• Ankle to Knee or Thread the Needle Lie down, bend your knees and put your feet flat on the floor. Put your right ankle across your left knee, flex your right foot to protect your knee and open your right knee to the side. (Don’t forget to flex your right foot!) You may feel a stretch along the outside of your right hip. One of the biggest areas of tension, stretching your hips is enormously helpful to the health of your knees and back. One muscle that gets a stretch in this position is your piriformis muscle, located on the outside of your hip and which acts as a stabilizer for the standing leg among other things. It can get very tight if you do a lot of walking or standing. If this is enough of a stretch, stay here. If you want to increase the stretch, reach your left hand on the outside of your left thigh, and your right hand through your legs (‘threading the needle’) to the inside of your left thigh and use your hands to bring your left thigh towards your chest. Lengthen your spine and try to keep your tailbone on the floor You can use your right elbow to open your right knee for an additional stretch. Once you have stretched there for a few breaths, it might feel nice to allow your legs to fall towards the left side so that your right foot is now flat on the floor. Roll your body open to the ceiling and press your right knee away from you to feel a stretch in the front of your hip.
  • Hip Flexor stretch lying down. Lie on your right side, bend your left leg and hold your left ankle or foot with your left hand. Gently pull your heel towards your butt to feel a release in the front of your hip and thigh. To increase the stretch, lengthen your knee away from you and lengthen your tailbone, knitting your ribs towards your hipbones.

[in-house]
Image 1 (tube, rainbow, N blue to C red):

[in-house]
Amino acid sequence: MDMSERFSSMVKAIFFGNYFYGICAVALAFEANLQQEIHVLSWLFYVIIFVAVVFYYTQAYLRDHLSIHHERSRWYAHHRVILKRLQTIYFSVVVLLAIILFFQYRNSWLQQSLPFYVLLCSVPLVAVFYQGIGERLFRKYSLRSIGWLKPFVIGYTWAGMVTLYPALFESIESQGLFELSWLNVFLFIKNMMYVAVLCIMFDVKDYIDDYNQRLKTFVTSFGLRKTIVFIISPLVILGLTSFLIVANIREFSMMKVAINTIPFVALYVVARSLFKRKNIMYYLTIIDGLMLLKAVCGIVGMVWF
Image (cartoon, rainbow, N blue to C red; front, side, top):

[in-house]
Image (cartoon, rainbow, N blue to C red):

• Hamstring stretch Lie on your back and place both feet flat on the floor. Extend your right leg 45 degree away from the floor, towards the ceiling, lengthening behind your knee and opening the hamstring muscles along the back of your leg. If you cannot straighten your leg, lower your leg towards the floor until you can get your knee all the way straight. If that is too easy, work with the leg at 90 degrees if you can. If you want to use a belt or yoga strap, loop the belt around your foot and hold an end of the belt in each hand. The idea of the belt is to support the leg, allowing for relaxation. Using your hands as a support is fine too. A belt is not intended as a torture device! As your leg relaxes and opens you may move the leg slightly higher. But rather than focus on height, work on lengthening the leg as well as your torso. Square your hips, and enjoy a moderate stretch, while actively pushing into the strap or into your hands as you hold the leg steady. Whether you have a strap or can hold your leg with your hands or not, breathe deeply wherever your leg is, then switch sides. There may be a difference between your two legs, that is normal. Hold for a few breaths and let it go and you’re done!

Stretching is asking the muscles to lengthen. It is an invitation, a welcoming, a yawn, a request for some opening. It is an alluring overture, a gentle suggestion, an easy enticement. Listen to your body to know when to push and when to back off, and then let it all go and trust that the work is done. You may not reach your goal today. Change happens over time. But notice the small differences in your body right now, after just a little bit of stretching. You may breathe easier and deeper, feel less stressed, more relaxed, feel more attuned with your body, more focused. Whether you’re heading for bed or work or to the barre, there’s no guilt today.


Please see the Classes page for my current teaching schedule. I’d love to see you at the barre!


  1. Thank you for this post. I know I sometimes feel stretching guilt. And on the contrary I also know what it’s like to pull a muscle while going for too deep a stretch before my body was ready. I must be better about being gentle with my body . Baby steps and I’m sure I’ll get there.

    Liked by 1 person